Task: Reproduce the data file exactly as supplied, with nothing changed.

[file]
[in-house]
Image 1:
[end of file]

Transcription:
[in-house]
Image 1: